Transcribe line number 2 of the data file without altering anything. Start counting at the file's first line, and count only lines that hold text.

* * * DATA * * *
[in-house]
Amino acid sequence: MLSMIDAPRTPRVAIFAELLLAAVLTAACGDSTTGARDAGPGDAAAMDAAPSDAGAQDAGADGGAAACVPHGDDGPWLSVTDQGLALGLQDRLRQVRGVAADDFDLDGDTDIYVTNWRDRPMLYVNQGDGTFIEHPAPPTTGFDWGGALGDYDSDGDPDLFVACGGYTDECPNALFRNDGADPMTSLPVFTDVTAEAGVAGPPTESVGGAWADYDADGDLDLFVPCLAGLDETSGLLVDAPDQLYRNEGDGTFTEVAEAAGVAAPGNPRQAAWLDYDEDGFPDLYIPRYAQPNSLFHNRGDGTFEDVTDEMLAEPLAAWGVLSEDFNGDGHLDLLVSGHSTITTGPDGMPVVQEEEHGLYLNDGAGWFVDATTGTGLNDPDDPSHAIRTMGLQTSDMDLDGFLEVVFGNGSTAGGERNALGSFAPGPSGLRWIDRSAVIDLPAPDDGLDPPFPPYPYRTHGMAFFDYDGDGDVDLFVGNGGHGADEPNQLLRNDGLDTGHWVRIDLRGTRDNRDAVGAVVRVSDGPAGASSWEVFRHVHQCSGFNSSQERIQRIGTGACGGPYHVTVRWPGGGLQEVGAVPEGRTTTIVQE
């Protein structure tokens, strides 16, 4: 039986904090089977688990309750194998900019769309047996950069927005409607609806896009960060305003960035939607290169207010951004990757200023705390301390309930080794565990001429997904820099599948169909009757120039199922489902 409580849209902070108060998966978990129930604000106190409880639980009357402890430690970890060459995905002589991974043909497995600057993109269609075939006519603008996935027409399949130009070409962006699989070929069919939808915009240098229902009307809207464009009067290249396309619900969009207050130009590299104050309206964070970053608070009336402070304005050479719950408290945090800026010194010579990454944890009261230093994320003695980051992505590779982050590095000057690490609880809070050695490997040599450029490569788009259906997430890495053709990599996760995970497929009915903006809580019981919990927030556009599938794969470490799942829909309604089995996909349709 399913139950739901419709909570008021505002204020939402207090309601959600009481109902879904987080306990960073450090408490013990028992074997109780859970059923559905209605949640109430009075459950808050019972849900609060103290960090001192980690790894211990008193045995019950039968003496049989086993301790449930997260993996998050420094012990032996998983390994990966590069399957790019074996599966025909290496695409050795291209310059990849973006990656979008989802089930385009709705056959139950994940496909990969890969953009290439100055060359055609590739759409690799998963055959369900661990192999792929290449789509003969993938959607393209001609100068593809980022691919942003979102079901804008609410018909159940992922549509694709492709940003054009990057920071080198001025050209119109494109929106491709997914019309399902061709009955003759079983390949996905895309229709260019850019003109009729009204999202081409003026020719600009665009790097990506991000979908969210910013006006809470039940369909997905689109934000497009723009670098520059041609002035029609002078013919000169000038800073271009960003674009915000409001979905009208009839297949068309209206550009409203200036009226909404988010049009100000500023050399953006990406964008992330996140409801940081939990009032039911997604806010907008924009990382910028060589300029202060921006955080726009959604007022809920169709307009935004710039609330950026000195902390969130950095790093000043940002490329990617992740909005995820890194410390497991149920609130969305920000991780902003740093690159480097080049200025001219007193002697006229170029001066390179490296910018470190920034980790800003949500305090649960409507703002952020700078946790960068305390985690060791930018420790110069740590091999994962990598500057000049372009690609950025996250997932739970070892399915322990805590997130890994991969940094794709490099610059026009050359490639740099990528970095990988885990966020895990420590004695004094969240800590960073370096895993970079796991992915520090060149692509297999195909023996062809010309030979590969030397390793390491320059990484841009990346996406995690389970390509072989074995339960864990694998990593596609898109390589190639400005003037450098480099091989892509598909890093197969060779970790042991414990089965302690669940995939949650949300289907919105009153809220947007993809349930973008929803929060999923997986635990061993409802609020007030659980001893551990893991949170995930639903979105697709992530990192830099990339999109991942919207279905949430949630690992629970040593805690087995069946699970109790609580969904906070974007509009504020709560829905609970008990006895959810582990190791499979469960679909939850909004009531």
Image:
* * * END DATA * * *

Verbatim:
Amino acid sequence: MLSMIDAPRTPRVAIFAELLLAAVLTAACGDSTTGARDAGPGDAAAMDAAPSDAGAQDAGADGGAAACVPHGDDGPWLSVTDQGLALGLQDRLRQVRGVAADDFDLDGDTDIYVTNWRDRPMLYVNQGDGTFIEHPAPPTTGFDWGGALGDYDSDGDPDLFVACGGYTDECPNALFRNDGADPMTSLPVFTDVTAEAGVAGPPTESVGGAWADYDADGDLDLFVPCLAGLDETSGLLVDAPDQLYRNEGDGTFTEVAEAAGVAAPGNPRQAAWLDYDEDGFPDLYIPRYAQPNSLFHNRGDGTFEDVTDEMLAEPLAAWGVLSEDFNGDGHLDLLVSGHSTITTGPDGMPVVQEEEHGLYLNDGAGWFVDATTGTGLNDPDDPSHAIRTMGLQTSDMDLDGFLEVVFGNGSTAGGERNALGSFAPGPSGLRWIDRSAVIDLPAPDDGLDPPFPPYPYRTHGMAFFDYDGDGDVDLFVGNGGHGADEPNQLLRNDGLDTGHWVRIDLRGTRDNRDAVGAVVRVSDGPAGASSWEVFRHVHQCSGFNSSQERIQRIGTGACGGPYHVTVRWPGGGLQEVGAVPEGRTTTIVQE